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Tips & Tricks for a More Affordable Internship Experience

March 23, 2012

Tips & Tricks for a More Affordable Internship Experience

by Alexis Mattera

Many students don’t have time to take on internships during the traditional academic year, making summer break the perfect time to gain experience in their fields of choice. Unfortunately, students looking to earn college credit for these often unpaid positions must still fork over the cash to cover the credit fees – sometimes thousands of dollars – despite not being enrolled in formal classes.

Is there a way to have a more affordable internship experience? Indeed, according to one of USA Today’s collegiate correspondents...and with 11 internships under her belt, she speaks from experience:

Are you interning this summer? Let us know where in the comments!

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Job Opportunities, Starting Salaries Increase for Class of 2012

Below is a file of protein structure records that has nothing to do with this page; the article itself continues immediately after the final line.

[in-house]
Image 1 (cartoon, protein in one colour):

April 3, 2012

Job Opportunities, Starting Salaries Increase for Class of 2012

by Alexis Mattera

Soon-to-be college grads will have a little more to cheer about as they toss their mortarboards in the air this year, as both job opportunities and starting salaries for new graduates have increased since last year.

The National Association of Colleges and Employers recently reported job openings for the class of 2012 are up 10 percent since last. With increased opportunities also come an uptick in starting salaries: The average for 2012 grads is $44,442, a 6.6-percent increase over the reported average salary of the class of 2011.

Of course, these numbers depend on the fields graduates plan to enter – starting salaries for those pursuing careers in education and economics increased more and are higher overall, respectively, than those going into health sciences – but it is nice to hear some mostly positive news about the impact of higher education. College seniors, does this information put you more at ease or increase your stress level as graduation day nears?

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Tuition Discounts Lack Effectiveness

April 5, 2012

Tuition Discounts Lack Effectiveness